In-Between

About a month ago I recorded a piece for the Stockyard Institute’s  collaborative exhibit “In Anticipation of Belonging” at the Smart Museum of Art at the University of Chicago.

I hadn’t anticipated crying in a museum, or feeling so weighted by the piece, but it moved me. Here is the Recording, I hope it moves you. Listen to the whole thing or start @ 10 minute mark for my portion.

Transcript:

My husband asked me what does it mean to belong? Initially I assumed belonging was about being a part of something all the time, about symmetry with a place or people- connecting and being simpatico. For me, a lot of my fears about belonging come from my relationship to my family and being bi-cultural.

I never really fit in my family, or at least I didn’t think I did for a long time; sometimes I feel like the black sheep, other times I realize how distance, a continent and an ocean can alter what it means to be a part of something so complicated, so convoluted as family as ancestry, as diaspora.

Being the only child of my parents has always given me a little chip on my shoulder. I am alone, apart from all of my other siblings, who share a bond with their siblings, who have something we don’t, a wholeness that I can’t really articulate. This is common among Liberian families, blended families where some children share one parent, some both. The phrase same ma, same pa used as a way of discerning where one fits.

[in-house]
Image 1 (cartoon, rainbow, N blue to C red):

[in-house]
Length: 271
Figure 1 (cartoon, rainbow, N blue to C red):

Growing up I wondered why I was so different from my mother. In part it’s because I’m too American for my perfectly Liberian mother.  I’m too feminist, too rancorous, too demanding. I can’t cook all the Liberian foods. I’m an atheist even though I can say all the prayers, sing all the songs; it’s mimicry.

It wasn’t until I went back to Liberia that I realized just how American I was, the way I walked, the way I spoke, the fact that all I wanted was a friggen salad; raw lettuce, not so Liberian. And yet, during my stay I felt wholly a part of the culture. Things that didn’t make sense growing up finally had a context which made sense.

I was surrounded by interesting, well connected black people who ran institutions- schools, churches, and the government. These moments were so affirming, and yet, in quite moments simple actions didn’t make sense. The way older men talked to me as if I didn’t have sense, the patronizing remarks about not knowing any better about God, the fact that I was marrying a white person, and a jew (what!). These and other things would shake me, would tarnish the veneer I had placed over my time in Liberia, and Ebola, always Ebola.

When I think now of my place in the world, maybe it’s not about where I fit, but in what way. I spent a good portion of my life from childhood through adolescence not really fitting anywhere all the time. Being too black, or too weird, or an Oreo, or too smart, or too angry, too goth, too much for everyone and myself. But I also think about the moments where things were easy, where I felt truly like myself.

Of holding my husband’s hand a second before the plane leaves the ground, we know there is certainty in our take off, and that we always land together.  I think about simple moments, sitting around tables in random houses across landscapes and time, eating food, laughing. Engaging an entire world filled with different people and perspectives; sharing and celebrating ourselves.

So maybe, belonging, like love, or death is everywhere and nowhere at the same time. And the truth is maybe, just maybe, if you’re lucky you find it, in fleeting moments, before your flight takes off for good.

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